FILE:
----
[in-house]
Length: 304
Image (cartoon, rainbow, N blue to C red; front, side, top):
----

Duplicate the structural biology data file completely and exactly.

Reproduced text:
[in-house]
Length: 304
Image (cartoon, rainbow, N blue to C red; front, side, top):